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Pointe-à-la-Renommée Lighthouse: A Jewel on the North Gaspé Coast

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Matthew Farfan

larger_renommee1.jpgBilled as "the world's most travelled lighthouse," due to the fact that it spent twenty years in the Port of Quebec, the Pointe-à-la-Renommée Lighthouse is by far one of the most spectacular maritime sites on the north Gaspé coast.

The history of the light is an interesting one. The current lighthouse dates to 1906 and was built adjacent to an existing, earlier light dating to 1880. In 1904, the site was chosen by wireless telegraphy pioneer Guglielmo Marconi as the location for the first maritime radio station in North America.

larger_renommee2.jpgThe original lighthouse and attached light keeper's house, both built in 1880, were demolished in 1927. A new house, on the same foundation, was built next to the second lighthouse. The light keeper's house that we see today is a replica of the original dwelling.

larger_renommee3.jpgThe first lighthouse keeper at Pointe-à-la-Renommée was James Ascah. Ascah, who took up residence at the station in 1880, later served as a semaphore and telegraph operator at the site.

The Pointe-à-la-Renommée light operated until 1975, when it was replaced by a solar-powered steel tower erected in the nearby village of l'Anse-à-Valleau.

In 1977, the decommissioned lighthouse was dismantled and transported to the Old Port in Quebec City, where it was reassembled in 1981, and where it stayed as a kind of pier-side tourist attraction until 1997, when the CLD in l'Anse-à-Valleau had it returned to its original location.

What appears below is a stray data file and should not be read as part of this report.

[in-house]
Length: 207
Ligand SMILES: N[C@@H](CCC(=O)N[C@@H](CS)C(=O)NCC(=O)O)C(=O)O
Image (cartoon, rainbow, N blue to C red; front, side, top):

The lighthouse is of the prefabricated, cast-iron, construction that common for these structures in the early years of the twentieth century. The 15-metre tower was built by the French firm of Barbier, Rénard & Turenne of Paris.

larger_renommee4.jpgWhat makes this lighthouse so outstanding is, among other reasons, the impeccable way that the entire site is maintained. The lighthouse, which is painted a stunning shade of red, is beautifully kept, as are the grounds.

Guided visits to the top of the lighthouse are possible, as is a promenade on the upper gallery. The lighthouse still boasts its original crystal prism, manufactured in St. Gobain, France. When it was lit, by means of an acetylene burner, the light had a range of up to 80 km (50 miles). On clear days, it was visible as far away as Anticosti Island.

larger_renommee5.jpgThe reconstructed light keeper's house features exhibits of artifacts from the lighthouse's heyday, including a foghorn, spyglasses, model ships, miniatures of the lighthouse and its surroundings, and interpretive panels on the history of the lighthouse and its keepers.

larger_renommee6.jpgPerhaps most impressive of all, however, about Pointe-à-la-Renommée is its location.

To get here, visitors must drive down a steep, four-kilometre gravel road that winds its way from the main highway (Route 132) to a promontory overlooking the windswept north Gaspé coast.

But the view here is awe-inspiring. To the north is wide-open ocean (in reality, we are looking at the mouth of the St. Lawrence, which is about fifty miles across at this point). On a clear day, we can just make out Anticosti Island to the northeast.

larger_renommee7.jpgTo the east and west, the shoreline of the Gaspé coast is rugged and unpopulated, and plunges steeply down to the sea. The lighthouse sits high atop a precipice, overlooking a seemingly endless expanse of sea and sky: the sight is magnificent.

larger_renommee8.jpgFor more information on the Pointe-à-la-Renommée Lighthouse, including opening hours, guided tours and entry fees, click here: